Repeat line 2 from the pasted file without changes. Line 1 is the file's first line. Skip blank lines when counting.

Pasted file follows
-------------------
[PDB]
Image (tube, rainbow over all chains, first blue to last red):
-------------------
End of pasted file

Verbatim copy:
Image (tube, rainbow over all chains, first blue to last red):